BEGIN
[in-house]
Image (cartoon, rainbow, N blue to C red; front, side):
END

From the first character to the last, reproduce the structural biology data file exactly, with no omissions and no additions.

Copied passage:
[in-house]
Image (cartoon, rainbow, N blue to C red; front, side):